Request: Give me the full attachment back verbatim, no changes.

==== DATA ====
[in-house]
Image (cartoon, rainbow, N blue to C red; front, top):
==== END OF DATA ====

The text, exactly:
[in-house]
Image (cartoon, rainbow, N blue to C red; front, top):